An accommodation with political Islam?
What does Anthony Shadid mean?
There is a fear in the West, one rarely echoed here, that Egypt’s revolution could go the way of Iran’s, when radical Islamists ultimately commandeered a movement that began with a far broader base. But the two are very different countries. In Egypt, the uprising offers the possibility of an accommodation with political Islam rare in the Arab world — that without the repression that accompanied Mr. Mubarak’s rule, Islam could present itself in a more moderate guise.
What does he mean “an accommodation with political Islam”? And why does he couple that with the different subject of a potentially moderate Islam?
Political Islam means theocracy. It means government by Islam and according to sharia; it means religion and state are one and the same. A potentially moderate Islam means just that – in this context it means that most Muslims in Egypt could adhere to a moderate version of Islam. The two things don’t go together. Theocracy can’t be “moderate”; political Islam can’t be moderate. You can have more and less vicious political Islam, but you can’t have moderate political Islam any more than you can have moderate political Catholicism or Southern Baptistism.
The Arab world has a spectrum of Islamic movements, as broad as the states that have repressed them, from the most violent in Al Qaeda to the most mainstream in Turkey. Though cast for years as an insurgent threat by Mr. Mubarak, the Brotherhood in Egypt has long disavowed its violent past, and now has a chance to present itself as something more than a force for opposition to Mr. Mubarak’s authoritarianism.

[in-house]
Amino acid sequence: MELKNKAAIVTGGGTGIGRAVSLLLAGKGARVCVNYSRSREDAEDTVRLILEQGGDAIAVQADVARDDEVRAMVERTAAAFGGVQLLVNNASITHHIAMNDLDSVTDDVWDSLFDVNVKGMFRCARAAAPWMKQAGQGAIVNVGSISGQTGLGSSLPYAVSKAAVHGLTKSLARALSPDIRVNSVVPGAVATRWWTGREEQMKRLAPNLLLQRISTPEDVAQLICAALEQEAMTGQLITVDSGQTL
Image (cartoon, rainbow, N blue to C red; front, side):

But Islamic movements are Islamist movements, and they shouldn’t be prettied up by being called “mainstream.” There is more to fear from the Muslim Brotherhood than what Shadid seems to mean by “its violent past.” (There’s the “Brotherhood” aspect just for a start. To belabor the obvious: it excludes women.)
“The people are aware this time,” said Essam Salem, a 50-year-old resident there. “They’re not going to let them seize power. People aren’t going to be deceived again. This is a popular revolution, a revolution of the youth, not an Islamic revolution.”
That’s the first hopeful note in the article. I hope it’s true, and in fact it seems highly plausible; it’s not as if the nature of Iran is a secret, nor is the fact that Iran is packed with people who would rebel if they could but prefer not to be thrown into Evin and then hanged.
While [the MB] remains deeply conservative, it engages less in sometimes frivolous debates over the veil or education and more in demands articulated by the broader society: corruption, joblessness, political freedom and human rights abuses.
Yes but that could be a smokescreen. It could be a Trojan horse. Try not to be totally naïve.